Sailors’ Society launches app

Sailors’ Society launches app

Sailors’ Society, one of the largest seafarer support charities operating internationally, has developed ‘Chapplaincy’, a smartphone app with the support of Augustea Group.

Chapplaincy enables real-time activity reporting and maintains a history of ship visits and support provided to seafarers. Data can then be accessed by chaplains in other ports and subject to confidentiality and data protection policies, can be used to provide ongoing care and assistance as ship and crew continue their voyage.

The app has access to global ship tracking data from MarineTraffic, which helps chaplains see which vessels are in port and those due to arrive. The result is more effective use of time and improved co-ordination with other welfare organisations.

The charity is now developing a version for seafarers, enabling them to make contact in advance of arrival at port in order to access welfare services.

Sailors’ Society chief executive Stuart Rivers told Splash that growing demand for internet connections at sea was something shipowners could no longer ignore. His comments dovetail with thoughts from seafarers carried in another Splash article today, as part of a special magazine on satellite communications produced in association with Inmarsat.

“We can certainly see the trend of strong demand from seafarers for better connectivity at sea. The new communications services already available and those coming online suggest that demand can only grow, especially if prices continue to fall. Because many seafarers don’t yet have that kind of access, our job remains a vital physical process; making chaplains available where they are needed. The Chapplaincy app will help us keep these seafarers connected with home and with other agencies, creating for the first time, true ‘port to port’ welfare,” Rivers told Splash.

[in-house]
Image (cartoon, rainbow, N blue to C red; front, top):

Sam Chambers

Starting out with the Informa Group in 2000 in Hong Kong, Sam Chambers became editor of Maritime Asia magazine as well as East Asia Editor for the world’s oldest newspaper, Lloyd’s List. In 2005 he pursued a freelance career and wrote for a variety of titles including taking on the role of Asia Editor at Seatrade magazine and China correspondent for Supply Chain Asia. His work has also appeared in The Economist, The New York Times, The Sunday Times and The International Herald Tribune.

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